International Woodturning Symposium

AAW 33rd International Symposium, Raleigh, NC.

I had the privilege to be one of the demonstrators at this year AAW International symposium. Being from Hawaii, it was quite the trip, you could not go any farther in the USA. But it was well worth it! I got there the day before, July g10th 2019, and I took the opportunity of some free time to drive around to get to know the city and to take pictures.
The AAW booked me a room at the Downtown Sheraton; a mere 2 minutes walk to the Convention Center where the symposium was being held. 
Because of the time difference on Thursday the 11th, sign up day, was awake at 4:30 AM. Got up and went searching for more photo opportunities. North Carolina has an amazing Parks and Trails system, and they are everywhere. Check my facebook page if you are curious what some of those parks look like, nature oasis within driving distance for millions of people.
After some leisure time, I drove back and registered as a demonstrator with one of the many outstanding volunteers that help make the symposium a reality. 
After that, I went to vendors row to say hello to some old friends, Doug Thompson and his wife Tari owners of Thompson tools and Mike Hunter owner of Hunter tools. Of course, I saw many others. The annual symposium is like a family reunion, and you get to see friends from all over the world once a year. The social aspect of the biggest get together of woodturners in the world is a desirable factor for many that have attended for years. I talked to some that were attending their 24 consecutive symposia!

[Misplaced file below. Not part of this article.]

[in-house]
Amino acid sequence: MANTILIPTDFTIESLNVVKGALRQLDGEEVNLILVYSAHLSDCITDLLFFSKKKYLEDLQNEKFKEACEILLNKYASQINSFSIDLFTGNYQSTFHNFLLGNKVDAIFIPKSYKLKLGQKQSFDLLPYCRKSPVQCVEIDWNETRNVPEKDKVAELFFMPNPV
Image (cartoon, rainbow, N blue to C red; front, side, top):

I had two demos back to back on Friday morning, July 12th. I started with The history of the Hawaiian Calabash and Hawaiian bowl repairs, I was surprised when the room filled, and some were standing up! 
After a short break, I followed with Boxes with hand chased threads. Again I had a full house! I'd be lying if I tell you I wasn't nervous! But once I got started, it was just like being in the shop, showing a friend how to do something. 
I finished the day by going out to dinner with friends, included Alan and Lauren Zenreich. Then back to the Sheraton bar to see who was there. Stuart Batty was there, and we catch up, he's coming back to Hawaii soon!

I had Saturday off, so I went to see some demos, walked the vendor's area, and marveled at the instant gallery. The work there is out of this world, truly inspiring. 
That night I was invited to attend the annual banquet. It was my first one. I truly enjoyed it. I was escorted to a table by none other than Greg Scharamek, President of the AAW. 
Sunday, the last day of the Symposium, I had my demo after the first rotation. Confidence was running high, except that peeking at some of the classes on the way to my room, I noticed very few people watching. Got a little nervous when a nice size crowd of eager turners ready to learn the ancient art of chasing threads filled up most of the room. I was happy to see the entire delegation of turners from Puerto Rico in the room; thank you for your support! I had already broken the ice, sort of speak, so I got to enjoy this last demo much more. 
I want to thank the AAW for such a great career inspiring opportunity. Especially to Andy Cole, my fellow Hawaiian turner and good friend, and Linda Ferber, the cause of all these great things happening in Maui and to me. She is the one that encouraged me to start the AAW Chapter club in Maui. 
If you have not yet attended one these life-changing Symposiums, you owe it to yourself to add it to your bucket list. You won't be disappointed it, I guaranteed it. 
Till next time, Aloha


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